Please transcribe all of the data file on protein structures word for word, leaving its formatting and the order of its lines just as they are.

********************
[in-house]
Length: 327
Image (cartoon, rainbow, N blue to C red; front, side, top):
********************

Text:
[in-house]
Length: 327
Image (cartoon, rainbow, N blue to C red; front, side, top):